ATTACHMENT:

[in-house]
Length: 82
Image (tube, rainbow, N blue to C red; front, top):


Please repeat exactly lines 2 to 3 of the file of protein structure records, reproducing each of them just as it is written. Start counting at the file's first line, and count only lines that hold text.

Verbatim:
Length: 82
Image (tube, rainbow, N blue to C red; front, top):